Urne – The Mountain of Gold

    I met Joe Nally around seven years ago on the biggest UK Metal tour there had been for an age.  He was the frontman for Chapters, a progressive metal outfit that is still, to this day, the best opening act I’ve ever seen on a tour headlined by Sylosis but showcasing everything that was great about fiery yet accessible UK metal.

    Hang The Bastard. No, I’m not advocating the return of capital punishment. I’m lamenting the loss of one of the UK’s great sludge bands, of which the aforementioned Nally had an integral part in creating. Three-quarters of the detritus have created Urne, a groove-machine which former supporters hope to be a contender.

    Self-released, The Mountain Of Gold, the band’s first EP, commences with ‘Dust Atlas’, a buzzsaw riff complementing a blend of harsh and clean vocals: the latter a laconic but clean throat, the bassline a mix of groove metal and thrash brutality. ‘The Lady and The Devil’ has a seductive quality, and some laudable guitar arrangements, but shows the first example of a cheesy background with the little invention: a generic composition which displays the parent band’s weaker moments all too well. ‘Mountain of God’, meanwhile, possesses savage axework and a deep rut, but the melodic centrepiece feels out of place, diluting the effect.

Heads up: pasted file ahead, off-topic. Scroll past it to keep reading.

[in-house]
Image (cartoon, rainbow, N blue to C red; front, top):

Closer ‘The March Towards The Sun’ begins with a ferocity that will generate a pit wherever it’s played, but it doesn’t quieten, it loses life. Here, sadly, is the deal. Hang The Bastard, while missing the inventiveness of Chapters, still had an element of identity, a fire that attracted watchers. Urne seem to have watered that down with generic, uninspired musicality that relies on the occasional spark to build a reputation.

    It’s not enough.




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